“He decided not to invest there,” she said.
Another major newspaper that's a near-lock for Republican nominees seeking an endorsement has decided Donald Trump is not a viable option.
The benefactor: Libertarian Gary Johnson.
In an sharply worded editorial, the Detroit News editorial board backed Johnson, setting aside the newspaper’s 143-year history of supporting only Republicans.
"We abandon that long and estimable tradition this year for one reason: Donald J. Trump," the board wrote Thursday.
"Trump is unprincipled, unstable and quite possibly dangerous. He cannot be president," wrote the board, noting that Johnson is the "longest of long shots," but a better option than Trump or Hillary Clinton.
Trump's campaign is aiming to flip traditionally Democratic Michigan into his column with appeals to working-class white men.
Editorial boards that traditionally support Republican nominees have eschewed backing Trump, citing some of his charged rhetoric toward Mexican immigrants and women.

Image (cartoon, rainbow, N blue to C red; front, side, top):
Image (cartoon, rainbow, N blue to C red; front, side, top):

Last month, Johnson also received the support of the Union Leader in New Hampshire, which for the first time in more than 100 years did not endorse a Republican.
The endorsement on Thursday comes even as Johnson has had stumbles as of late. A day earlier, he had trouble naming a foreign leader he admires.
Support for the death penalty, which peaked in the mid-1990s, has dropped to a four-decade low, according to new data from the non-partisan Pew Research Center.
Just under half of respondents, 49%, said they supported capital punishment in murder cases, Pew found, while 42% said they opposed it.
The last time opposition to the death penalty was this high was in 1972, the year the Supreme Court in effect banned capital punishment -- a hiatus that lasted four years.
Support for the death penalty climbed steadily from the mid-1970s through the 1980s as crime rates rose to historic highs.
Since crime began a long, steady decline in the late 1990s, backing for capital punishment has dropped in polls, and juries have grown increasingly unlikely to impose it. Since 2009, six states have ended capital punishment, bringing to 19 the number that do not authorize it.
As with many issues, a large gap exists between Democrats and Republicans on capital punishment, and that division has widened in recent years. Support for the death penalty has dropped much more among Democrats, only about one-third of whom still back it. Among Republicans, more than seven in 10 back capital punishment. Independents split evenly on the issue.